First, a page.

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The Great Picture at UC Riverside

By Peggy Roalf   Thursday July 14, 2011

Until 2006, the “world’s largest photographs” were arguably the Colorama advertising images produced by Eastman Kodak and installed in Grand Central Terminal between 1950 and 1990. As the editor of Colorama: The World’s Largest Photographs (Aperture 2005), I was intrigued by an announcement for the installation of The Great Picture at UC Riverside’s Sweeney Art Gallery.

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Installation view of The Great Picture in the Marine base airplane hanger that was transformed into a pinhole camera, 2006. Photo courtesy UC Riverside Sweeney Art Gallery/Culver Center of the Arts.

The Great Picture is a 31-by-111-foot panoramic view of a portion of the former Marine Corps Air Station El Toro that is in the process of being transformed into the Orange County Great Park, destined to be one of the largest urban parks in the United States. Tyler Stallings, Artistic Director of UCR Culver Center of the Arts and Director of the Sweeney Art Gallery explains how it was made in his essay for a book accompanying the exhibition.

 “The camera was a converted F-18 jet hanger that was transformed into a camera obscura, or pinhole camera – one of the oldest techniques for making images, discovered by the Chinese in the 4th century BC. It is apt that it was produced with lensless technology, only to be reproduced in the equally lensless digital realm of the internet. Its image spread around the world within minutes of completion; making it more permanent that in its original, physical state, only seen twice now.”

The Great Picture was created by The Legacy Project, a group of six photographers who saw an opportunity to make “a complex and multi-faceted statement about the history of photography, photography’s changing technology in a digital age, and the interchange between process and subject matter in the making of a photographic image,” wrote Stalling. Using the oldest photographic methodology, together with the fact that The Great Picture utilized a developing tray the size of an Olympic Swimming Pool, along with 600 gallons of developer and 1200 gallons of fixer, places this project squarely in the realm of the historic and the obsolete.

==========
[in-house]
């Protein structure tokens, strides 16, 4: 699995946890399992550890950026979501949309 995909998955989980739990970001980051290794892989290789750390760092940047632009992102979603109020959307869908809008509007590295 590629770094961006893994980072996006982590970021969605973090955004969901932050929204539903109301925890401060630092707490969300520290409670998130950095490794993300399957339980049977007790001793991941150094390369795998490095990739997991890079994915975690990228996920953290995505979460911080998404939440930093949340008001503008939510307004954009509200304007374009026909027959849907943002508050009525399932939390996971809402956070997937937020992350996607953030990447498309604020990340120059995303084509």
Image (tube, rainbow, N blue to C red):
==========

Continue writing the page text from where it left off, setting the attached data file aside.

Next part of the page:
The Great Picture was created by making an exposure directly onto muslin fabric coated with gelatin silver photographic emulsion, and so it is a negative image. In its gray-scale tonality, the image also seems like a painting in grisaille, which Stalling says shares a close kinship to Alfred Stieglitz and the Photo-Secessionists. As an object, he adds, “The Great Picture expands upon, in a most gargantuan manner, a particularly California take on photography that asks, what is a photograph?” Document, artifact, painting, monument, scientific inquiry, artistic expression – The Great Picture, according to Stalling, is all of these things.

There will be an opening reception (free and open to the public) for The Great Picture: The World’s Largest Photograph & The Legacy Project  on Saturday, July 16th at UC Riverside’s Culver Center of the Arts, 3834 Main Street, Riverside, CA. The exhibition remains on view through October 8th. More about The Legacy Project.

 “The Great Picture: The Making of the World’s Largest Photograph,” a 196-page book, to be published and distributed by Hudson Hills Press (Fall 2011), includes essays by Stallings, Dawn Hassett, and Lucy R. Lippard, and features photographs documenting this monumental project.

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